Quote:
Getting Started with Ubuntu 10.04 is a comprehensive beginners guide for the Ubuntu operating system. It is written under an open source license and is free for you to download, read, modify and share.

The manual will help you become familiar with everyday tasks such as surfing the web, listening to music and scanning documents. With an emphasis on easy to follow instructions, it is suitable for all levels of experience.
 
Old 09-07-2010, 08:37 PM   #10
frankbell
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I would suggest that Wine is not a good thing for someone new to Linux to start with. Rather than trying to make Windows executables run under Wine in Linux, you are probably better off finding native Linux equivalents to those files. Except for some of the big Windows games, you will be able to find them.

Adobe makes a Linux version of Flash (I use it) and of the Acrobat Reader (I don't use it; heck, I don't even use Acroread under Windows--I use the Foxit reader instead). There is also a Linux version of RealPlayer (I don't like Real, but I'm stuck with it for sites that stream in real formats) that's nowhere nearly so evil as the Windows version; for one thing, it doesn't phone home all the time.

The resources others have pointed out are very good.

Here's another one that I like, because it is very basic and provides a good frame of reference for the more detailed stuff.

Welcome to Linux.

Yes, there's a learning curve, but remind yourself that you spent years learning Windows. In a few days, you'll be comfortable with Linux.
 
Old 09-07-2010, 10:44 PM   #11
joec@home
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Quote:
Originally Posted by frankbell View Post
I would suggest that Wine is not a good thing for someone new to Linux to start with. Rather than trying to make Windows executables run under Wine in Linux, you are probably better off finding native Linux equivalents to those files. Except for some of the big Windows games, you will be able to find them.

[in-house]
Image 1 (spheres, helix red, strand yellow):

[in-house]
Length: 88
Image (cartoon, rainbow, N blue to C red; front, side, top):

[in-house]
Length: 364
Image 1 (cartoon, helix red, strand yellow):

Although just a silly reply, if you enable all the oddball repositories in Ubuntu there are quite a number of interesting games that run native in Linux!
 
Old 09-07-2010, 10:53 PM   #12
tommcd
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Here are 2 more great websites for getting started with Ubuntu:
http://www.psychocats.net/ubuntu/
http://members.iinet.net/~herman546/index.html

And welcome to the LQ forums!
 
Old 09-08-2010, 07:03 AM   #13
MTK358
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Quote:
Originally Posted by joec@home View Post
Although just a silly reply, if you enable all the oddball repositories in Ubuntu there are quite a number of interesting games that run native in Linux!
+1 for native Linux games!
 
Old 09-08-2010, 09:01 AM   #14
myposts
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Oh man...

I remember my first time with Linux ... in 1994 ... I got a green blinking strangely looking cursor ... then I pressed some keys and things became much worse

To tell you a truth, migration to Linux is better when planned. If you don't want problems associated with Windows PC and don't want investing time into learning a system in a same time, get a Mac. Linux can be used for majority of daily tasks and has nice graphical environments, however, it is not quite the thing as it may appear to a beginner.
Linux is custom build sports car. Yeh, it may be really fast, and it has nice shiny and colorful plates and spoilers etc. But these things are for an eye only, the real power in under the hood. Yeap, it doesn't get bull, like viruses, but it is only because of the people who run it, are mostly technically skilled. That is why transition from a slow, boring, making stops that you don't need, a public bus (Windows) to a racing car (Linux) takes time and some effort. You wanna race, you gonna learn. The bus tickets aren't good here. Linux doesn't ask you for your money, only for attention and intelligence. More you invest, more you enjoy the ride.
If you are really new to all of it, my advise, start with training DVDs from UnixAcademy.com they really teach you the under-hood things.
 
Old 09-08-2010, 01:20 PM   #15
matusvictor
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while you read those books, search and install software using 'ubuntu software center'
it is already installed